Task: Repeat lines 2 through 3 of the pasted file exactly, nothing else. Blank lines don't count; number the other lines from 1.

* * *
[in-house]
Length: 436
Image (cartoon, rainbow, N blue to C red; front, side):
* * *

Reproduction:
Length: 436
Image (cartoon, rainbow, N blue to C red; front, side):